On March 22, 2017, Sr. Campbell came to Harvard Law School to speak about moral vocation building and advancing Catholic social justice values in the Trump era. The video is below:

At The Harvard Law Forum: Michael Sandel on “Why Trump? What Now?”

Two decades ago, in his book Democracy’s Discontent, Michael Sandel warned that, absent a stronger civic republican spirit, liberalism would collapse, giving way to “those who would shore up borders, harden the distinction between insiders and outsiders, and promise a politics to ‘take back our culture and take back our county.'”

On February 22, 2017, the Harvard Law School Forum hosted Sandel to give his take on politics in the age of Trump. Below is the audio:

Meet the Candidates for Student Government

We conducted interviews with candidates who will be up for positions in Student Government. Voting will take place on April 5 and 6.

Here is where to find these interviews:

Adrian Perkins and Amanda Lee, Candidates for Student Government President and Vice President

Joe Sullivan and Jin Kim, Candidates for Student Government President and Vice President

Anika Khan and Tyra Walker, Candidates for Student Government President and Vice President

Paola Eisner and Lane Kauder, Candidates for Director of Student Organizations

Leilani Doktor, Kaitlyn Beck, and Sam Garcia, Candidates for 2L Representative

Raj Salhotra and Cameron Pritchett, Candidates for 3L Representative

Adrian Perkins and Amanda Lee, Candidates for Student Government President and Vice President

Record: Why are you guys running?

Adrian Perkins: I’ve always felt like Student Government was in a unique position to change things for the better. Academic institutions come with stressors and this is an opportunity to for us relieve those stressors and to make the community better. Since joining Student Government, I’ve worked on everything from the [Student Government] constitutional working group, to changing the printing, to appointing the committee that decided to change the crest, to getting the MPRE administered at HLS. I’ve had the opportunity to see things through and make student life better here.

Amanda Lee: The HLS community matters. We spend 3 years of our lives here. I’ve seen intimately the needs of a thriving student organization that’s put so much work and care into making the school an amazing place. Adrian and I work really well together because we have a wide breadth of experience. We’ve spent the last two years building relationships, and so we’re really excited to bring others to the table and let students have that voice through student government.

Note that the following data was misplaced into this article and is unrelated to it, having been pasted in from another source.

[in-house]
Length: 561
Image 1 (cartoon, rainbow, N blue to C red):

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Joe Sullivan & Jin Kim, Candidates for Student Government President and Vice President

Record: In a few words, how would you sum up your platform?

Joe Sullivan: We are demanding that the administration release the budget data so we can take a hard look at that budget so we can see what we can cut back and where we can move funding into.

Record: It seems like you guys are running as a one-issue ticket. Would you say that’s accurate?

JS: I would say generally, yes, although that one issue encompasses a lot of the issues at Harvard Law School. When we think about a lot of the issues at Harvard Law School, it’s often about how much does that cost? I think if we don’t know that it’s hard to tackle those issues, so I think of this as a more encompassing platform.

Jin Kim: It is a single-issue platform in the way that we want to get access to the budget data, and look through it, identify unnecessary costs and reallocate that to benefits that students actually want. The word benefits encompasses a lot of things, such as financial aid or mental health services. I know the impediments that a lot of students and I faced when looking to get mental health services. Continue reading “Joe Sullivan & Jin Kim, Candidates for Student Government President and Vice President”